The exact cause is unknown, but researchers believe it stems from a combination of genetic, biological, psychological, social, and behavioral factors.
The National Institute of Mental Health (NIMH) note that it seems to run in families. They suggest that genetic studies may provide more information in future.
Bulimia is linked to a fear of getting fat, but the underlying problem normally relates to emotional and mental health.
Brain imaging technology has shown differences in brain response between women with bulimia and those without when shown pictures of slim women and food.
Eating disorders often emerge in puberty, a time of major hormonal changes and growing awareness of the body. Findings from a 2007 study suggest that changes in ovarian hormones may increase the risk.
Environmental factors may include:
- Exposure to unhelpful role models through the media and the fashion industry
- Pressures of sport and other physical activity, especially those that emphasize weight
Early diagnosis improves the chances of a good outcome, but diagnosis can be challenging. The individual may do everything possible to hide their condition, and their weight can be normal.
A primary care physician will start by asking the patient about their mental and physical health, lifestyle, and medical history, and by carrying out a physical examination.
Diagnostic tests can help rule out other underlying diseases or conditions.
If the doctor suspects bulimia nervosa, they may refer the patient to a mental health specialist.
According to the DSM-5, to be diagnosed with bulimia nervosa, the patient must meet the following criteria:
- Recurrent episodes of binge eating that the patient feels unable to control.
- Purging the excess intake by vomiting, fasting, over-exercising, and misusing laxatives, diuretics, enemas, and other drugs.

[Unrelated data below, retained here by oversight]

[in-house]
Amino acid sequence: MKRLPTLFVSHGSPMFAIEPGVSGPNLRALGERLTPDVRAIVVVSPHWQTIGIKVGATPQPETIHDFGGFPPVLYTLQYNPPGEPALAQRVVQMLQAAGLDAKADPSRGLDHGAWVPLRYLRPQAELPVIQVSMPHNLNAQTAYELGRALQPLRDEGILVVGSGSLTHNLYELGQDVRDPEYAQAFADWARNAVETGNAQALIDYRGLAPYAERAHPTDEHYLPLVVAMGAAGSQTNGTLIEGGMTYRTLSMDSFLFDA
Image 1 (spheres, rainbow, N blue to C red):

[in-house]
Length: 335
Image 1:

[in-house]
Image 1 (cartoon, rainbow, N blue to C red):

- Bingeing and purging have been taking place at least once a week during the last 3 months.
- The patient's feeling of self-worth is influenced too much by their body shape and weight.
- This behavior is not related to anorexia nervosa.
Some patients do not meet all these criteria, but they may still have some kind of eating disorder.
Early treatment improves the chance of recovery.
Complications can arise if the person does not receive treatment. These can lead to other serious, and possibly fatal, conditions.
Physical problems include:
- swollen fingers, caused by overuse of laxatives
- gingivitis, or inflammation of the gums
- inflammation of the esophagus
- swelling of salivary glands, near the cheeks
- irregular menstruation
Damage to the bowel muscles can lead to chronic constipation. Repeated vomiting can cause dehydration, increasing the risk of kidney damage and kidney stones.
A chemical imbalance can result from excessive purging.
This can cause:
- muscle spasms
- kidney damage
- poor skin and hair, and brittle nails
- arrhythmia, or abnormal heart rhythms, and possibly heart failure
Without treatment, mental health problems can persist, including the possibility of anxiety, depression, OCD, and substance abuse.
The Harvard Medical School notes that about 1 in 4 patients recover without treatment and that more than half get better with treatment. They also encourage ongoing followup, as relapses are possible.